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Coronavirus Resources for Employers

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Covid-19 Resources for Employers
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What Are Other Businesses Doing?

Across our client base and discussions with industry leaders in the Mid-Atlantic, we are seeing the following industry trends.

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How will COVID-19 affect compensation strategies?

The reality is that COVID-19 has slowed or halted many industries.

Data compiled by Payfactors shows 6% of organizations are seeing greater than 10% wage reductions due to adjustments for COVID-19. To minimize this impact on employees, 66% of employers are offering 2-weeks of emergency shutdown pay for workers who are not able to telecommute due to the nature of their job.

Many organizations have no choice but to continue operations. These businesses cannot be conducted remotely and are often vital to the safety and productivity of our societies.

How is the FFCRA law applicable for companies/employees who were teleworking prior to the COVID19 pandemic?

Employers are not exempt from the law if employees regularly telework as part of their employment relationship prior to COVID-19 and this expanded law. Employees who telework for a covered employer are eligible to apply for newly expanded FMLA. However, it’s possible that being provided the option to telework may help prevent absences requiring leave under this newly amended section of FMLA.

Emergency paid leave is intended for employees who are not working for qualifying reasons. If an employee is teleworking, and not experiencing a loss of work, hours, etc. for qualifying reasons, paid leave is not payable.

What documentation needs to be collected by the employer for employees who want to utilize either the Emergency Sick Leave or FMLA for COVID-19?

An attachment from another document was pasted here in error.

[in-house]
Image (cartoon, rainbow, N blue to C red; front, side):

We are still awaiting guidance from the DOL around documentation requirements associated with Emergency Sick Leave. The recommendation as of 3/23/2020 is to treat documentation requirements for Emergency Sick Leave identical to the requirements of standard FMLA. For FMLA requests associated with the FFCRA, you should utilize the FMLA documentation process/forms that are currently in place. Employers should establish separate leave codes to distinguish between the FFCRA FMLA leave and other FMLA leave.

Documentation/Verification for Directly Impacted Employee:

  • Verifying that a Federal, State or local quarantine or isolation order related to COVID-19 is in place is simple, as it impacts entire states, localities etc. You can use a record of government notice for documentation purposes (i.e. from the government website).
  • If an employee has been advised by a health care provider to self-quarantine related to COVID-19, they will be able to provide a note, however, delaying payment pending a note is not recommended. Guidance to employers is to be mindful that medical professionals are inundated with COVID-19 cases and the timeline for them to turnaround medical documentation may be delayed. Liberally granting leave is being recommended by labor law attorneys.
  • If an employee reports they are experiencing COVID-19 symptoms and in the process of seeking a medical diagnosis, the employee is eligible for paid leave. Delaying payment due to a lack of documentation is not recommended. Guidance to employers is to be mindful that medical professionals are inundated with COVID-19 cases and the timeline for them to turnaround medical documentation may be delayed. Liberally granting leave is being recommended by labor law attorneys.
  • If an employee is experiencing a substantially similar condition that has been specified by the Secretary of Health and Human Services, in consultation with the Secretaries of Labor and Treasury, the employee can provide a treating provider note excusing them from work. Delaying payment due to a lack of documentation is not recommended.

Documentation/Verification if Caring for a Family Member:

  • If an employee is caring for an individual subject to a Federal, State, or local quarantine or isolation order related to COVID-19 this is easily verified as it impacts entire states, localities, etc. You can use a record of government notice for documentation purposes (i.e. from the government website).